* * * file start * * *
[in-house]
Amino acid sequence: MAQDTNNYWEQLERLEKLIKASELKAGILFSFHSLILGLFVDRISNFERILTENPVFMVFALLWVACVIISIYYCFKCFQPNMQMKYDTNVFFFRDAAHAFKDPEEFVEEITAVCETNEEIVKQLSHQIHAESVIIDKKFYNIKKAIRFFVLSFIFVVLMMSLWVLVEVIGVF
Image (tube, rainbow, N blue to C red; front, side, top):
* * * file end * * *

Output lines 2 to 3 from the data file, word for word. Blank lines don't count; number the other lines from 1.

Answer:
Amino acid sequence: MAQDTNNYWEQLERLEKLIKASELKAGILFSFHSLILGLFVDRISNFERILTENPVFMVFALLWVACVIISIYYCFKCFQPNMQMKYDTNVFFFRDAAHAFKDPEEFVEEITAVCETNEEIVKQLSHQIHAESVIIDKKFYNIKKAIRFFVLSFIFVVLMMSLWVLVEVIGVF
Image (tube, rainbow, N blue to C red; front, side, top):